Ann Arbor (Informed Comment) – Trump and his white nationalist pet Stephen Miller have placed Nigeria on their racist visa ban. But Nigeria is not Chad, and there could be serious repercussions for the United States of slapping around Africa’s most important country.
Nigeria is Africa’s most populous country at over 200 million persons, and it is Africa’s richest country, with a nominal gross domestic product of $444 billion. It is a magnet for foreign investment, the third recipient of Foreign Direct Investment after Egypt and Ethiopia. (Egypt’s nominal GDP is only $300 bn. a year.) It is also Africa’s high tech hub and a potential center of innovation.
The Congressional Research Service wrote just last year,
- “Successive Administrations have described the U.S. relationship with Nigeria, Africa’s largest producer of oil and its largest economy, to be among the most important on the continent . . . The country is the United States’ second-largest trading partner in Africa and the third-largest beneficiary of U.S. foreign direct investment on the continent. Nigerians comprise the largest African diaspora group in the United States.”
- “Two-way trade was over $9 billion in 2017, when U.S. investment stood at $5.8 billion. Given Nigeria’s ranking as one of Africa’s largest consumer markets and its affinity for U.S. products and American culture, opportunities for increasing U.S. exports to the country, and the broader West Africa region, are considerable.”
In 2018, two-way U.S. goods and services trade with Nigeria grew to $11.3 billion.
There are over 300,000 Nigerian-Americans. They are the most highly educated immigrant group, with more post-graduate education than any other set of immigrants. A Nigerian surgeon saved my life last year. Their family reunions have just been disrupted. There is no security issue that would justify injuring so many lives.
Nigerians spend half a billion dollars a year on education in the United States. I’d say we can kiss that money goodbye. Although the Trump regime may offer student visas, they are pretty worthless given how Trump has been summarily deporting Iranian students with valid visas. If I were a Nigerian student, I’d go to Canada or the UK or anywhere but the United States for that higher education, since you never know whether you’ll be allowed to finish the degree.
Nigerian businessmen invested $75 million in the United States in 2018, a sum that increased 25% over the previous year. Since Nigeria is an oil state with some cash around to invest, you’d think the US government would want that investment to keep on growing. But although the US will offer business visas, I think it might be hard for Nigerian investors to get over here from now on, and if I were they, I wouldn’t bother and would take my capital some place African people are welcome.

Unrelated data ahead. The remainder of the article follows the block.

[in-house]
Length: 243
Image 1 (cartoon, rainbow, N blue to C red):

Nigeria has been traditionally one of the most important sources of imported petroleum for the United States, and US energy companies have heavily invested there.
But there’s trouble on the horizon, since the US is not the only player in town. China has gone into Nigeria in a big way.
The CRS says, “U.S. energy companies may face increasing competition for rights to the country’s energy resources; China, for example, has offered Nigeria favorable loans for infrastructure projects in exchange for oil exploration rights.”
Emily Feng wrote a little over a year ago in The Financial Times that China and Nigeria do $14 bn a year in bilateral trade. In 2018, in addition, Chinese concerns put $7 bn into Nigeria in investments and construction contracts, and these totaled $21 bn. over 2016-2018.
Two-way trade rose to $15 billion last year.
So China is already doing more two-way trade with Nigeria than the United States, and its direct investments are also higher. When Nigeria has a choice of an American bid and a Chinese one, which do you think it will choose, all other things being equal, given that Trump has shut Nigerians out of the United States?
China wants to expand its exports to Nigeria, as the country’s growing middle class seeks manufactured consumer goods. The US isn’t even in the top three of countries from which Nigeria imports most goods (Belgium and the Netherlands were number 2 and 3). In 2017, Nigeria imported $9.6 billion in goods from China, and in the second quarter of 2019 Chinese imports made up 25% of all goods brought into Nigeria. NIgerian buyers routinely trek off to Guangzhou to make bulk purchases, and 10,000 Nigerians are resident there.
The Chinese government and Chinese private firms are also building factories in Nigeria itself to produce for the Nigerian and African markets. As of 2019, Chinese concerns had invested $20 billion in 150 firms operating in Nigeria, with some of these entirely Chinese-owned..
In addition, the Chinese are carrying large scale infrastructure projects in Nigeria. They are building commuter railways in Abuja and Lagos, and doing rail construction projects all over the country, to the tune of $20 billion.
There are problems between China and Nigeria. There is a huge trade imbalance in China’s favor, though if push came to shove China could probably in a politic way take more Nigerian petroleum and cut down on other suppliers. Nigerians are a little worried that a lot of Chinese projects are offered in the form of loans, and there is a notorious debt trap issue with such Chinese aid and investment. These considerations should offer an opening for US investors and companies, but now many doors have been shut by Trump. Being excluded from a country on racial grounds is humiliating and inevitably affects things like trade and investment.